Choosing your walking boots
How to examine if a boots fit:
The following basic checkpoints can be used to ensure a proper fit. Before starting always consider the type of sock you will be wearing during use as this can alter fit and overall comfort. Once you have the shoes on both feet and stand up, check the following:
- The first area to inspect is the overall shoe length. The recommended toe room allows about a half inch (1 cm) of space between the longest toe and the end of the shoe (about a thumbnail). Toes should never touch the end of the boot.
- Pinching a little area of the upper material checks the tightness of the boot in the ball of the foot and instep area. In most styles the upper should not be skin tight.
- The heels in most walking boots are designed to fit snugly and this should not be confused with a tight fit. During normal wear it is normal for boots to have ample room for your toes to wiggle. There should, however, be no slipping while walking.
- Finally walk on a hard floor or firm surface. This will allow you to experience the fit and comfort features in our shoes. You should be able to walk smoothly and effortlessly without feeling unsteady or unbalanced.
If the shoes do not fit, the first consideration is whether or not the length is correct. After checking this, keep these guidelines in mind:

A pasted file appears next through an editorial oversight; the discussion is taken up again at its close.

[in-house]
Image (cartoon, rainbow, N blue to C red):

- If the heel slips whilst your laces are properly tied, add a second (generic) inlay sole under the inlay sole already in the shoe. This will raise the foot into the instep where the shoe is designed to fit.
- Another option is to increase the volume inside the shoe by using a thinner insole. Replacing a 5 mm. insole with a 3 mm insole will increase the volume in the shoe by about half a shoe size.
- The ball of the foot should fit into the widest part of the shoe. If the shoe doesn't fit or break properly, you may need to go with a longer or shorter size.
- If the shoe is excessively tight in the frontal area, try going up a size. A larger shoe will provide added toe room yet may still fit snugly in the heel area avoiding slippage.
- Make sure you are lacing your shoes according to your foot type. Many shoes come "bar-laced" indicated by the horizontal lacing style. This may not be ideal for a wider foot so try re-lacing the shoe with the standard crossing manner. Alternatively completely remove the laces when fitting a new shoe and lace the shoe whilst on your foot.
Once you have bought your new boots:
Wear them indoors for a few days to ensure that you are pleased with the fit
When breaking in new boots be sure to wear the socks that you will be using with the boot.
Allow adequate time to break in your new footwear and remember heavier boots may require more time to break in. Start out with short walks working your way up to longer hikes.
If the boots are leather then a leather conditioner can be applied to help break in your new boots.
After the boots have been worn in the outdoors a couple of times and the factory applied DWR (durable Water Repellency) is beginning to wear off apply the appropriate waterproofing treatment to extend the life of your footwear.
and finally, if you still are still unsure then the clip below (borrowed from Hi-Tec) may make you wonder even more. We even stock the shoes that made it all possible!!!!!!